A Baton Rouge police officer who was suspended for violating the department's use of force policy when he fatally shot a dog during a robbery call is planning an appeal of the disciplinary action to the 19th Judicial District Court, according to his legal representation.
Officer Abraham Wilson III's original 10-day suspension was reduced to five days after an appeal in mid-February by the Municipal Fire and Police Civil Service Board, but Wilson still believes his actions were justified, said Sgt. Myron Daniels, with the Capital Area President of Magnolia State Peace Officers Association, who represented Wilson.
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But based on the body camera video from the incident and the internal investigation, Chief Carl Dabadie determined the shooting was unnecessary. The Advocate obtained that video from February 2016 when Wilson responded to a robbery victim in the 5400 block of Adams Ave., soon leading to the shooting.
But Daniels said Wilson did exactly what officers are taught by trying to protect human life.
"He placed himself in harms way for those citizens that were outside (and the robbery victim)," Daniels said. "He neglected his own safety.
When Wilson pulled up near the intended address of the robbery victim, he saw two pit bulls that appeared aggressive and loose running toward his patrol vehicle, neither of which had collars and one had bite marks, according to Wilson's incident report. Wilson then saw the victim emerge, who had been hiding under a neighbor's house, the report says. Wilson tried to position his vehicle to protect the man from the dogs, the report says.
Wilson exited the vehicle with his body camera on and used a Taser and mace to deter the dogs, the video shows. He asked neighbors who were outside two houses down if they knew whose could control the dogs, but got no response, his incident report says. Wilson calls for back up and animal control.
Wilson mutters, "You know what? F--- it," and then fired his Taser again. Wilson then tells the victim to get into his vehicle for safety, still holding the Taser up to the barking dogs, the video shows.
The victim is able to enter the vehicle, as the two dogs continue to bark at Wilson. The dogs soon retreat back toward the house, but within seconds one comes running back at the officer. The dogs again retreat, get distracted, but then approach Wilson again, the video shows. One of the dogs approaches Wilson at the closest distance yet, from about eight or 10 feet away, according to the investigative summary of the incident. Wilson backs up and pulls his weapon, again muttering a profanity. The dog then lunges closer, but stops. After the dog stops, Wilson shoots the dog, which dies in the driveway.
Wilson shot the dog in the head within about three minutes of getting out of his car, the video shows. There were neighbors "almost aligned with his line of fire," investigators wrote in the investigative summary, but Wilson said he aimed at the ground.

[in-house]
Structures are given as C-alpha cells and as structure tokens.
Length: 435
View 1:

After the complete investigation, Dabadie wrote in Wilson's disciplinary letter on May 5 that, “there was clearly ample opportunity for you to retreat from the territory that the dogs were protecting.”
He also wrote that, “Nothing precluded you from backing up slowly or getting into your police unit.”
Dabadie wrote that deadly use of force should be a "last resort" and Wilson's “use of foul language right before the shooting indicated that you were tired of the situation and wanted to get it over with, instead of shooting because of an immediate and imminent threat.”
But Wilson is steadfast that he was in imminent danger and leaving would have left the aggressive dogs unattended to the public, according to his interviews during the investigation.
"Knowing the risks the pit bulls posed to the victim, as well as to the spectators and community in general, Officer Wilson placed himself in the best position to protect and serve the public by moving toward the dogs while sparking his Taser," said Daniels in a statement.
"After more than a quarter of a minute had passed, the most aggressive of the two pit bulls growled and charged Officer Wilson, leaving him no choice but to fire his weapon out of fear of receiving great bodily harm," Daniels said.
The Civil Service Board voted against a complete overturn of the 10-day suspension, but chose to substitute it with a five-day suspension.
"It was just really complicated," said Civil Service Board Chairwoman Julie Cherry. "I think that at the end of the day the Chief's assessment that the decision making could have been better (was accurate)."
Dabadie declined to comment on the Municipal Civil Service Board's decision. His initial discipline for Wilson was a 10-day suspension and a Use of Force retraining.
The dog owner eventually was contacted, and officers and animal control determined that the dogs did not have the required proof of vaccination for rabies, registration certificates or proper restraints, according to the incident report.